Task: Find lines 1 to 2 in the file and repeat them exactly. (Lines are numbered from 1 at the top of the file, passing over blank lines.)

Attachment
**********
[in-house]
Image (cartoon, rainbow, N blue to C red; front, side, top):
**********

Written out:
[in-house]
Image (cartoon, rainbow, N blue to C red; front, side, top):